However, it has also been made clear that the current favourable visa concessions to highly skilled workers from Singapore and Chile are unlikely to be scaled back from their bilateral trade agreement forms in the TPP, as both parties are likely to object to such a reduction.

Weisel also acknowledged the original P4 text at this meeting, as negotiated between NZ, Australia, Singapore and Brunei. Chapter 13 of that agreement required that parties "exchange information on measures that affect the temporary entry of business persons", and required the parties to review the rules and conditions applicable to movement of natural persons "with a view to achieving a comprehensive chapter on temporary entry".

 

australasia_1APRIL 2 2010: The possibility of a broad regional trade agreement in the Pacific is reportedly leading Australia, New Zealand and Singapore to consider reopening the market access arrangements in their own existing bilateral trade agreements. While sources are suggesting this is being done with an intention of creating a single, unified market access schedule to eliminate a 'spaghetti bowl' effect ahead of a TPP Agreement, a USTR official has already expressed doubts about reopening these agreements at a sensitive time. An Inside US Trade story follows below the break...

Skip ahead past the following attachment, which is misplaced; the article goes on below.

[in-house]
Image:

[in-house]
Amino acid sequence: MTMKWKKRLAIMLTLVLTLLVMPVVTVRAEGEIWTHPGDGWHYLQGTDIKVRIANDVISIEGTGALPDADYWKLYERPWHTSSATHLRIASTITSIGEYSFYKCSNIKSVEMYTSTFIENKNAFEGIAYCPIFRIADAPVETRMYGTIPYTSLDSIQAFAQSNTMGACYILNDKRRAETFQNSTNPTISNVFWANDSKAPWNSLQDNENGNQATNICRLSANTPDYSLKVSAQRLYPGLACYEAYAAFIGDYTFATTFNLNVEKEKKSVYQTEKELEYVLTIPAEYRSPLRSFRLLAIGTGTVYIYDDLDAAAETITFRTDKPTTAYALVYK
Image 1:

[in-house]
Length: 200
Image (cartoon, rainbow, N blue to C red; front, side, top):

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ustr57The Office of the United States Trade Representative has just released its annual 'hit list' for 2010 on subsisting trade barriers in its trading partner countries. All seven of its current negotiating partners in the TPP are reviewed, with all having particular areas where the US argues further reform, liberalisation, or transparency is needed. These include pharmecutical goods, audiovisual and media services, tariff barriers, investment rules, e-commerce, and legal services. All 2010 USTR profiles can be found on the respective country page on this site, and below.

 




USTR report on NZ's Foreign Trade Barriers, 2010

USTR report on Australian Trade Barriers, 2010

USTR report on Chilean Trade Barriers, 2010

USTR report on Brunei's Trade Barriers, 2010

USTR report on Singapore's Trade Barriers, 2010

USTR report on Peru's Trade Barriers, 2010

USTR report on Vietnam's Trade Barriers, 2010

 

 

MARCH 15, 2010: highway20workersTrade unions from across the Pacfic have called for a fairer trade agreement network today, fearing the possible outcomes of an 'everything on the table' agreement. New Zealand's Council of Trade Unions has been keeping counsel with its counterparts in the US and Australia. The joint declaration of the combined TPP unions (Australia, NZ, Singapore, USA) can be read here. The individual unions, including CTU have issued their own statements.

 

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Inside US Trade, March 2 2010

kim_beazley_lismore

Australian Ambassador Kim Beazley today (March 2) signaled that
negotiations to create the Trans-Pacific Partnership (TPP) agreement
should put all issues on the table and not automatically keep in place
exemptions from market access commitments contained in current free
trade agreements the U.S. has with some of the countries now
participating in the TPP negotiations.